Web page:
20 episodes

Bioethics New York University

    • Social Sciences
    • 3.5, 2 Ratings

    Gene Therapy, Cognitive Disability, and Abortion

    Gene Therapy, Cognitive Disability, and Abortion

    • 48 min
    Bioethics Colloquim with Doug Husak

    Bioethics Colloquim with Doug Husak

    Illicit drug use is thought to pose a public health problem for several possible reasons. Here I discuss one such reason: the supposed causal relation between illicit drug use (especially so-called "hard" illicit drugs) and violent crime.  The hypothesis that drugs are causally connected to crime is also a favorite basis on which to argue that drug use should be criminalized.  This hypothesis is difficult to test empirically.  I build on some resent criminological findings of Frank Zimring fron New York City to suggest that many theorists have tended to overstate the drugs-crime connection.  In New York City, violent crime has decreased greatly while "hard" illicit drug use has remained constant.  As Zimring concludes, it is possible to make enormous progress in the war on crime without making any headway in the war on drugs.  I examine the implications of these recent findings for debates about drug criminalization.

    • 1 hr 39 min
    Moral Entanglements: The Example of Medical Researchers' Ancillary-Care Obligations

    Moral Entanglements: The Example of Medical Researchers' Ancillary-Care Obligations

    Medical research ethics, with its focus on preventing participants from being exploited or exposed to undue risk, has almost entirely neglected researchers' ancillary-care obligations-their obligations to provide participants with medical care that they need but that is not required in order to carry out the researchers' scientific plans safely. To begin to develop a theoretical account of researchers' ancillary-care obligations, this paper develops and explores the more general idea of moral entanglements. Of interest in its own right, this category comprises the ways in which, through innocent transactions with others, we can unintendedly accrue special obligations to them. More particularly, the paper explains intimacy-based more entanglements, to which we become liable by accepting another's waiver of privacy rights. Sometimes, having entered into other's private affairs for innocent or even helpful reasons, one discovers needs of theirs that then become the focus of special duties of care. The general duty to warn them of their need cannot directly account for the full extent of these duties, but does indicate why a silent retreat is impermissible. The special duties of care importantly rest on a transfer of responsibilities that accompanies the privacy waivers. The result is a special obligation of beneficence that, like researchers' ancillary-care obligations, is grounded in a voluntary transaction despite not having been voluntarily undertaken.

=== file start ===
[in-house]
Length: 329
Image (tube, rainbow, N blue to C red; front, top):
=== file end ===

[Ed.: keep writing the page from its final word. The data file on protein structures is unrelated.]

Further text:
• 1 hr 53 min
    • video
    Welcoming: The Significance of Neuroscience for Morality: Lessons from a Decade of Research

    Welcoming: The Significance of Neuroscience for Morality: Lessons from a Decade of Research

    Organized by the NYU Center for Bioethics in collaboration with the Duke Kenan Institute for Ethics with generous support from the NYU Graduate School for Arts & Science and the NYU Humanities Initiative.
    It has been a decade since the first brain imaging studies of moral judgments by Joshua Greene, Jorge Moll and their colleagues were reported. During this time, there have been rich philosophical and scientific discussions regarding a) whether brain imaging data can tell us anything about moral judgments, and b) what they do tell us if they can tell us something about moral judgments. In this workshop, we aim to bring leading philosophers, neuroscientists, and psychologists in this area together to examine these issues and to explore the future directions of this research.

    • 7 min
    • video
    When the Mind Matters for Morality

    When the Mind Matters for Morality

    Mental state reasoning is critical for moral cognition, allowing us to distinguish, for
    example, murder from manslaughter. I will present neural evidence for distinct cognitive
    components of mental state reasoning for moral judgment, and investigate differences in mental
    state reasoning for distinct moral domains, i.e. harm versus purity, for self versus other, and for
    groups versus individuals. I will discuss these findings in the context of the broader question of why
    the mind matters for morality.

    • 1 hr 5 min
    • video
    Is There One Moral Brain?

    Is There One Moral Brain?

    Different kinds of moral dilemmas produce activity in different parts of the brain, so there
    is no single neural network behind all moral judgments. This paper will survey the growing
    evidence for this claim and its implications for philosophy and for method in moral neuroscience.

    • 1 hr 1 min

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